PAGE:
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Home > Online Magazine > Online Magazine: Edition 49 - October/November 2012 > The Letter to Philemon (by Norman Tew)

The Letter to Philemon

by Norman Tew

The Letter to Philemon ---  Thoughts from a personal letter almost 2,000 years old.

What relevance does a personal letter about a runaway slave have for Christians today?

I find it interesting that though I am sure slavery was not God's plan and is abhorrent to him, and the principles of the Bible would condemn it, yet the Bible does not forbid it.

The laws of Moses make provision for slavery (Maybe to make it more humane).  Jesus and Paul accepted it as a fact of life and did not speak against it.

If you have a modern translation or paraphrase of this letter then perhaps you should read it through before going any further in this article, so that you have an overview of what this letter is all about.

Maybe we should look at the background.  Philemon lived in Colossae, which was in what is now Turkey, not far from the 7 churches that are mentioned in Revelation.

How or why Onesimus ran away we do not know.  When he became a Christian is also not known, maybe he found Paul (remembering him from when he was in Colossae), or maybe he became a Christian first and then looked up Paul.  I tend to favour the idea that he somehow found Paul in Rome and was then converted because Paul calls Onesimus his child, and in other places he uses that term for his converts.  It is obvious from what Paul says that Onesimus served Paul while he was in Rome.

But first let us look at the letter as a whole.  Did Paul expect this to be read publicly?  Was it a breach of confidence to include it in the collection of general letters that we now call the New Testament?  Although it is a personal letter to Philemon, Paul includes his fellow worker Timothy in the introduction and addresses it not only to Philemon but also to Apphia and Archippus.  Who were they?  Again we do not know, though it is probable that they were Philemon's wife and son we cannot be sure.  Notice that it is also addressed "to the church in your house".  So Paul expected it to be read publicly to friends of Philemon.

What was "the church in your house"?  Does it just mean Philemon's household?  Or was his home a meeting place for other Christians?  The consensus is that in the early days of the Christian church meetings were held in the homes of those with big enough houses to accommodate meetings.

Another interesting thing is that 40% of the letter is greetings and closing words; only just over half is the message.  It is also interesting to compare the introduction and closing greetings with the similar parts of the letters Paul addressed to whole churches such as the ones to the church at Thessalonica that we now call first and second Thessalonians.

After the opening greetings Paul gets down to the business of the letter.  He comes at it diplomatically in an indirect manner.  He suggests that he has a right to command in the name of Jesus but he would rather ask in love.  It is also interesting that in the Greek Paul manages to get the name of Onesimus as the last word in the sentence, though this is not true in the King James Version, in the Message paraphrase this is cleverly done.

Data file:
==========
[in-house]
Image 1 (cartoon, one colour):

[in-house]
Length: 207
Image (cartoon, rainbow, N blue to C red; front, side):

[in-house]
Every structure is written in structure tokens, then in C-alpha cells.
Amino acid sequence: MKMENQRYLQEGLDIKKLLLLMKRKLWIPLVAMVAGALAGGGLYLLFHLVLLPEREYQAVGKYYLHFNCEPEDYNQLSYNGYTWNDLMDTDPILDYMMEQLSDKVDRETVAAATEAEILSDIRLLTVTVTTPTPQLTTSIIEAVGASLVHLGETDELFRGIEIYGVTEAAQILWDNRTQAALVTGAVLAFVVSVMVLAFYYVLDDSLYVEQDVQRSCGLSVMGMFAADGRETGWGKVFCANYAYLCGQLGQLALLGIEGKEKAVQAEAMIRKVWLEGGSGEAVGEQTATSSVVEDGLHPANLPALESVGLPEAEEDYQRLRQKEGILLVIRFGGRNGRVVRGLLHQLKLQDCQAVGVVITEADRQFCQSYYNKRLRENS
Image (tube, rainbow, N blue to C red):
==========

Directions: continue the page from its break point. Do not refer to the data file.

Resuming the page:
Since Onesimus travelled with the letter it is probable that Philemon may have had an idea of the contents of the letter. But Paul is diplomatic.  First Paul looks to the past and starts with a pun. for Onesimus means useful. And Paul writes that formerly he was useless to you but now is "useful to both to you and to me".

Some commentators see in the "but now" in this sentence a possible rebuke to Philemon that he had failed to introduce his slaves to Christ.

In one way he is thanking Philemon for the unconscious gift he had given to Paul for the services that Onesimus had rendered to Paul in Rome. But Paul says he did not wish to have that service from Philemon via Onesimus without Philemon's consent.

Paul then says that Philemon should take Onesius back as "more than a slave, a beloved brother".  This raises a big question.  Is Paul really saying that Philemon should give Onesimus his freedom?

At this time it is estimated that for every freeman in the Roman empire there were three slaves.  And some of these slaves were what we would today consider professionals.  So where would Onesimus fit into society in he were a freeman?   It did happen that ex-slaves when freed still retained a free servant status with their former owner.

Then Paul applies some personal pressure, and says that Philemon was owing Paul for "his own self".

How did Philemon owe Paul even his own self?  Was there some physical rescue that Paul did or is he talking of spiritual saving.

Paul then takes any debts that Onesimus owed to Philemon as personally his.  Paul was acting as Christ acted when he took our debts against God.

Paul comments that he was writing (this section at least) with his own hand, making his pledge of repayment very personal.  It is thought that Paul may have suffered from deficient eye sight.  It seems that most of his letters were written by a scribe, but he usually appended a few words in his own hand as a certification of the authenticity of the letter (There is a hint in 2nd Thessalonians that other letters were being circulated that were forgeries).

So we come to the end greetings.  Paul expressed a hope to come and visit when he was free from prison. Did Paul ever come back and visit again?  We do not know for sure.

The names at the end of the letter are also interesting.

So again what relevance does a personal letter about a runaway slave have for Christians today?

It is really about the attitude of a Christian to all others.  Whether they be friends, superiors or inferiors or whoever we come into contact with in our daily lives.

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